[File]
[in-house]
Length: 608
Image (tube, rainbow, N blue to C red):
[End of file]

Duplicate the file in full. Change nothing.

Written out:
[in-house]
Length: 608
Image (tube, rainbow, N blue to C red):